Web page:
Friday, January 21, 2011

Suffrage and corruption plus the real deficit problem

(Photo from the New York Daily News)

In an essay titled "Speak, Money" in the October issue of Harper's, Roger D. Hodge talks of suffrage:

"Ideally," he says, "our ballots purport to be expressions of political will, which we hope and pray will be translated into legislative and executive action by our pretended representatives. ...

"Alas ... voting is the beginning of civic virtue, not its end, and as suffrage has expanded so has its value been steadily debased. The locus of real power is elsewhere. Wealth and property qualifications, poll taxes, and the like are very far from being historical curiosities; they have simply mutated."

Here's the crux of the matter, which so many of us are feeling so deeply and painfully:

"Campaign contributions and other forms of political spending have assumed that old exclusionary function [e.g. poll taxes], and only those who can afford to pay are able truly to manifest their political will. Voters still 'matter,' of course, but only as raw material to be shaped by the actual form of political influence--money--which molds the body politic be realizing itself in the ductile mass of common voters."

Now, this state of affairs, claims Mr. Hodge, has a name. It is "corruption." Here's the process and the result: "Corruption, in its institutional sense, denotes the degeneration of republican forms of government into despotism, and typically comes about when the private ends of a narrow faction of citizens succeed in capturing the engines of government ... a corrupt citizenry is one that has allowed its private and narrow personal interests to trump those of the general public."

Mr. Hodge's entire essay may be found in the October 2010 issue of Harper's, pp. 13-17.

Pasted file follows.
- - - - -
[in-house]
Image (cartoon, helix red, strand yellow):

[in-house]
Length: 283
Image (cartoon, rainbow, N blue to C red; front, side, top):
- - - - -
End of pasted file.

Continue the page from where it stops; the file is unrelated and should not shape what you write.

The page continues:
Now to the so-called "deficit" problem, which may be a real problem, but the Republicans really do not care about the deficit. They care only that their ideology triumphs no matter the cost to the public - especially to the poorest and most needy of our citizenry.

To repeal the health care bill will increase the deficit by at least $230 billion dollars.

Thus repeal of the health care bill is not about deficit reduction. It's about petulant Republican ass-holes in Congress pushing their moldy and quite rotten views about government onto an ignorant and unsuspecting public!

If one is serious about reducing the deficit, one does not start with programs that keep people alive, but with programs that kill people. Like, say our warmongering program; by reducing the Pentagon budget.

Again, from Harper's October issue:

Thirty-eight percent "of this year's federal budget deficit [is] attributable to Bush-era tax cuts and the wars in Iraq and Afghanistan."

Thirty-eight percent!!!

One does not begin reducing the deficit by cutting Social Security and Medicare/Medicaid, programs vital to the well-being of millions of our citizens. The tea party crackpots and other goofy Repugnicans like Sarah Palin have used to great effect the big lie about "death panels" in the health care reform bill. Now they are using the big lie about deficit reduction, claiming that the health care bill will send the deficit into the stratosphere.  Obviously, they know what they say is not true. But truth doesn't matter because they live only for political power. That end justifies every means available to them, no matter how low or scummy those means might be!

Honest people, people truly concerned about not only the deficit but American citizens, will start cutting the deficit by raising taxes on the rich and ultra-rich! We should not be repealing health care reform, we should repeal Bush's tax-cuts for the wealthy!

But most of our politicians are bought and paid for by the wealthy in our society. Thus, the poorest among us will necessarily bear the brunt of Republican and blue-dog Democrat machinations.

1 comment:

Bob Poris said...

I think all sides should reaffirm faith in the Congressional Budget Committee as a bi-partisan and unbiased source of the actual figures used to judge legislative costs.

If one party refuses to accept its conclusions, it will no be accepted when trying to assess the costs of any bills.

It is terribly important that this issue be raised and publicized so that we all understand its importance.

The lies and propaganda will continue but there must be some trusted source that both parities and the public can go to in order to find the truth.

Without it, special interests will always prevail if they have the funds to influence the public.

The media, so far, has not seemed to realize the importance of this body.

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